Corneas, heart and pancreas: the organs that we are reluctant to donate

Corneas-heart-and-pancreas-the-organs-that-we-are-reluctant-to-donate

In Organ Donation Week, it’s heartening to see that the number of people consenting to have their organs used after their death is at its highest-ever level. There were almost 22.5 million registrants on the donor register as of 31 March – up 6.6% on the previous year.

While the majority of those registered have given consent for all their organs and tissues to be donated, one in eight are restricted donors – people who have registered, but state that they don’t want to donate specific body parts.

If you are squeamish about giving up your eyes even in death, you are not alone. NHS figures show that the vast majority of those who opt out – almost 90% of those who choose not to donate, and 10.7% of the whole register – do so because they don’t want to give their corneas.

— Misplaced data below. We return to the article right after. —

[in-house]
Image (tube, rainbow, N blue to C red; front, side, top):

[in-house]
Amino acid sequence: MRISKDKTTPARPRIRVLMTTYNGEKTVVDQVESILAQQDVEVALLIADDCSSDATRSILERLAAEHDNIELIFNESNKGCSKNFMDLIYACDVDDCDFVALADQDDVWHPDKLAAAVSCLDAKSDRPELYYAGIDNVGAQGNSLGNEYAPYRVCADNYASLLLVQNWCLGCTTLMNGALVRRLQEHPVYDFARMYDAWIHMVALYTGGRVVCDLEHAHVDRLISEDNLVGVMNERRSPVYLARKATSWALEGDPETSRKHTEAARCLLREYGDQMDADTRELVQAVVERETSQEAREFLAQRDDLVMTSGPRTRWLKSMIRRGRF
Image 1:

There is a shortage of cornea donors in the UK. In the year to 31 March 2015, almost 3,780 cornea transplants were recorded on the UK transplant registry. However, while the NHS would require an average of 10 donations a day to meet demand, it only receives on average seven viable donations per day.

Among the restricted donors, a much smaller proportion opted out of donating their heart, pancreas, lungs, liver or kidneys.

Although people of all ages are eligible for organ donor registration, the highest proportion of donors are in their late teens and 20s: people aged between 16 and 30 make up 43% of the current register.

While a higher proportion of women aged between 16 and 30 are registered than men in the same age category, the reverse is the case in the older age groups.

All the figures cited here exclude the 177,204 people in the UK who have specifically asked not to become an organ donor when they die.

organdonation.nhs.uk

News Source TheGuardianNews

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